Turns out it was simplicity, in both style and construction. “We expected to find some unique, cutting-edge type of products, but there was none of that. It was very traditional,” he says.
Fading West Development, a vertically integrated modular builder and community developer based in Buena Vista, Colo., takes the concept even further in its efforts to provide affordable workforce housing for municipalities and private employers of mainly service workers, such as resorts.
“We force our clients to use our standard box sizes and finish packages to achieve affordability for a teacher or a firefighter,” says Eric Schaefer, the builder’s chief business development officer. “There are no other options.”
Even so, mixing and matching 16-foot-wide by 50-, 38-, and 26-foot-deep modules (not to mention an accessory dwelling unit box) offers a marketable measure of design flexibility, and Schaefer does not discount the opportunity to site- or locally build some of the homes’ structure—roof trusses, for instance—if it makes better financial and cycle-time sense. “It’s OK to figure out what’s best built in the factory and what’s best to build on site to achieve your goals,” he says. “I think if builders understood that, they’d be more willing to embrace it.”
Already in the know, Beazer’s Ray Ferrarini is a convert. “I think a lot of builders are going to look at this process and say, ‘You know what? It’s worth it. We’re going to get a better product, we’re going to get it faster, and it’s going to be less risk for us,’” he says. “That’s why I’m a big believer.”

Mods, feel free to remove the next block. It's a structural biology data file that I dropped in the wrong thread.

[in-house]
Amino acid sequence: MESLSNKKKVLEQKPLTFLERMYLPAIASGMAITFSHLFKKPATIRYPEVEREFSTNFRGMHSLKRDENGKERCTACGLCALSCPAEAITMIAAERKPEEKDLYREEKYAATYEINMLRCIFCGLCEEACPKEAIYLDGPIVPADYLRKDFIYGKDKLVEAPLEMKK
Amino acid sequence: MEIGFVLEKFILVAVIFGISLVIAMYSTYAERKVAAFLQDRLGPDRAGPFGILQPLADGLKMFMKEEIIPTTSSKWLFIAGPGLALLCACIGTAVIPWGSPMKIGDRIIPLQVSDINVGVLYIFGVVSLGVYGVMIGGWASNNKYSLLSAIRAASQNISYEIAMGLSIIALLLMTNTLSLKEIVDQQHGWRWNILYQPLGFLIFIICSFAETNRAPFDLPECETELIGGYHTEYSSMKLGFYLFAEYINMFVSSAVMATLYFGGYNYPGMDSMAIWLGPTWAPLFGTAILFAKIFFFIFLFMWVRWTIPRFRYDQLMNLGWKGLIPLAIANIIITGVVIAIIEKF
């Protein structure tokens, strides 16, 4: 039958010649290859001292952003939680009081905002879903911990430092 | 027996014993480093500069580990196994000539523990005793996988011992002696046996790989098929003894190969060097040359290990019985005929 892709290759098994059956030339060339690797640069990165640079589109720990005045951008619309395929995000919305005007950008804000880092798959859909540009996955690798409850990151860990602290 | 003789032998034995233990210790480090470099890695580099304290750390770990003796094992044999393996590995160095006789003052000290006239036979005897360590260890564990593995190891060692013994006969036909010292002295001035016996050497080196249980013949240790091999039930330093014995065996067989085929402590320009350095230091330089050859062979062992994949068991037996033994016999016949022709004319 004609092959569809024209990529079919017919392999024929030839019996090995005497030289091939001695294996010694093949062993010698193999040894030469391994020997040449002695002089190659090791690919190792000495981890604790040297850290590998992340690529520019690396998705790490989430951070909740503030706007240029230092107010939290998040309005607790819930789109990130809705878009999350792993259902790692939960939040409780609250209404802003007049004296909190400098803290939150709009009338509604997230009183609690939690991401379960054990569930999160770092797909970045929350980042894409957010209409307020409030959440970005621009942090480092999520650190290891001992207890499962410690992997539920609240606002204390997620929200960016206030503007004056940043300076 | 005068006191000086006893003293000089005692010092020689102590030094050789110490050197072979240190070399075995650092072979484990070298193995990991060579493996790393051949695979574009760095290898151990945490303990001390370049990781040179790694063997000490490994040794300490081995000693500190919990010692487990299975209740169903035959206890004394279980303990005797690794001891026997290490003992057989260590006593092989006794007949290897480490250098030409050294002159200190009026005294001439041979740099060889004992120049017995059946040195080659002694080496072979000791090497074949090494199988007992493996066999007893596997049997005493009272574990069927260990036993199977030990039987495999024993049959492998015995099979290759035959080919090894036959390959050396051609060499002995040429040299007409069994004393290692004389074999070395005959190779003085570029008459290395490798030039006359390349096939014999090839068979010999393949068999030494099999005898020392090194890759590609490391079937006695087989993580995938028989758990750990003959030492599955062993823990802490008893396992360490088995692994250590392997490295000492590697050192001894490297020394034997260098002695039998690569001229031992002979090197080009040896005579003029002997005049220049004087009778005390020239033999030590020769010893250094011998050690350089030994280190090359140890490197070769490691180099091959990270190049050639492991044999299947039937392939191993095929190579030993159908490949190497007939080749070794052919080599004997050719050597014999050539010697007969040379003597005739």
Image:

BotBuilt: Turning the Off-Site Design Debate on Its Head
If you think an operation that uses robots to assemble framing components would require the most sophisticated level of construction documentation imaginable, not to mention capital investments in the hundreds of millions, think again. In fact, it’s just the opposite.
BotBuilt, a recent entrant in the off-site game, buys used robot arms from the auto industry on eBay, applies proprietary software to interpret just about any plan you can throw at it—regardless of detail or complexity—and churns out a complete panelized package from its Durham, N.C., facility in a fraction of the time and at a fraction of the cost of an on-site build, even compared with other panelizers and modular shops. “Some of the plan sets we get are hot garbage, but we can work with it,” says CEO Brent Wadas.
The ability to build from any set of plans in any format, he says, is the key to changing attitudes about off-site construction. “Forcing an industry to change the way it prepares and submits documents is a losing battle,” according to Wadas. “We say, let builders be builders and we’ll be the nerds in the room.”
Also against conventional off-site wisdom, BotBuilt targeted custom homes right out of the gate. “In truth, we just wanted to take on the hardest projects first,” Wadas says, after which everything else is relatively easy for the software and the bots to build ... at about $2 per square foot, regardless of sophistication—far less than any other framing solution. “If you can’t do this cost-effectively at scale, you’re going to run into problems when the market slows.”